We’re lucky. Lucky lucky lucky to live in a place where vaccination rates are good and Covid rates are declining and people are cautiously talking about returning to something like normal life after a year+ of wrenching crisis. Through this time a lot of us put our heads down and plowed through the work we were lucky (lucky, lucky) to have and tried not to think too much about how much had changed, how many people were suffering, and how things might look when this is finally over. But we knew that at some point we’d all have to come to terms with how the pandemic had changed us.
I had my toughest bout of new-reality-facing to-date when I sat down to edit some of the conversations in HRO’s Episode 03, “Fruit of the Bitter Tree.” A draft of this episode had been written in late 2019. I hadn’t touched it since. One of the storylines involves that classic trope of the sci-fi genre — an alien plague threatens the crew of the Endeavor. But after this year I found it almost impossible to read — mostly because of my blithe pre-pandemic treatment of the material. I hadn’t imagined that talk of quarantines, and sealing off parts of the ship to prevent the spread of disease, and vaccine-hesitancy, and charlatanesque folk-remedies would provoke dread, fear and even anger in me. Presumably there are at least some players who would feel similar things playing this episode.
And now I don’t know what to do with that material — or those feelings. Maybe this will fade as we get (hopefully) further into a recovery. Or maybe I should go back and rewrite that storyline the way I would write it today and to hell with the easy conventions of the genre. HRO has a lot of comedy in it, so maybe this topic no longer has a place in a cheeky game. Maybe history has overtaken this story idea entirely and we should replace it wholesale. I’ve seen the old "tragedy + time = comedy" equation work miracles, but I may have lost my faith in that idea in this particular instance. So what do we do with these suddenly unexpectedly painful ideas? Maybe we can’t know yet.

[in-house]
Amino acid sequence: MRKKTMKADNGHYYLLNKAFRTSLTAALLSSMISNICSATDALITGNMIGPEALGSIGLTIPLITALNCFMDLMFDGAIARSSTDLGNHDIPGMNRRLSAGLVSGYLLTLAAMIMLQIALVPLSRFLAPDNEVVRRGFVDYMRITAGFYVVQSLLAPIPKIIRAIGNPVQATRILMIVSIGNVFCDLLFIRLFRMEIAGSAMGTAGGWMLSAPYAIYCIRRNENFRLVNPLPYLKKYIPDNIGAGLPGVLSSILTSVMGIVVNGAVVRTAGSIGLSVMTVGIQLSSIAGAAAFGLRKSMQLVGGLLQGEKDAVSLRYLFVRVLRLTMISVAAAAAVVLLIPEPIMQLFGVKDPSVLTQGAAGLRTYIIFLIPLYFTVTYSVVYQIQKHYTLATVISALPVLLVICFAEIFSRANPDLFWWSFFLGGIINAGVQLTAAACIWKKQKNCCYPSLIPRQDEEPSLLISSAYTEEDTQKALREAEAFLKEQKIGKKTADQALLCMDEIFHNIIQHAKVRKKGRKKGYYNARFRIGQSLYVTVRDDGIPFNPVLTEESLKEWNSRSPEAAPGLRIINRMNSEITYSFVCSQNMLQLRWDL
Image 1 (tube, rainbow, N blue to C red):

We’re definitely going to finish HRO. It’s a matter of figuring out what to do with this surprisingly problematic content. And that’s not a tragedy of any real scale. Many people lost a lot more (see “lucky, lucky” above). I still can’t help feeling profoundly sad about it. And clearly my sadness is about more than just this storyline because maybe after a year of anxiety and hardship we’re not going to be picking anything up exactly “where we left off.” Not even our retro-futuristic sci-fi parodies.
Almost two years ago Eric and I started working on the project which would eventually become known as “HRO: Adventures of a Humanoid Resources Officer.” The fit was perfect. It combined so many of our favorite things — adventure games and 1960’s sci-fi, puzzles, snarky dialogue and making fun of office politics. In many ways it’s been a dream assignment. Since then, we’ve (knock on wood) weathered the bulk of a pandemic, designed, rolled-out, and retired an audio-only game (OverHerd), and worked like dogs to get the first “season” of HRO on its feet. 6 full-length episodes, 20 recurring and guest characters. 118 unique branching conversations, 180 different ways the HRO of the Coalition Space Ship Endeavor might save the day. We’ve been very busy boys.
And now — as the resumption of this blog is meant to signal — it’s time to bring our players, colleagues and friends back into the process as we work to shape the experience and improve the storytelling. As part of that effort, we’ve been setting up the game’s store page on Steam — which has proven to be a surprisingly inspiring set of tasks. In the process of clearly laying out the game’s theme and its mechanics — so long after the initial concept work on the game was originally done — we found a golden chance to evaluate how far we may have hewed or strayed — for good or ill — from the original vision.
The new marketing language for the game now describes it as: "HRO: Adventures of a Humanoid Resources Officer is a puzzle-driven visual novel set in a retro-futuristic sci-fi universe. You play the underappreciated Humanoid Resources Officer aboard the Endeavor — a military spaceship with more than its fair share of crew rivalries, office politics, and erratic decision-makers. When the Endeavor stumbles into universe-shaking trouble, can you harness the power of the bureaucracy to rein in your crew’s worst impulses and survive to the next episode?”
We’re also really jazzed to announce that HRO will be included in the upcoming Steam NextFest, June 16-22. There will be some live-streaming of gameplay, and you’ll be able to playtest and give feedback on the first episode in the season, “Saints and Sinners.” It’s the one where the iron-willed Captain Spangler appears to have gone rogue — but there’s more to it than that, of course.
This is all part of the larger drive toward release of HRO — which has been officially scheduled for December 02, 2021. We admit, the date was chosen at least partially because it is a palindrome — that’s how we roll here at Worthing & Moncrieff. Thanks for sharing the ride with us. And if you’re wondering about the use of the plural of “pancreas” in the title you’ll have to play Episode 03 “Their Pound of Flesh” to find out why it’s here…
Worthing and Moncrieff, LLC is an independent developer of video game stories founded in 2015.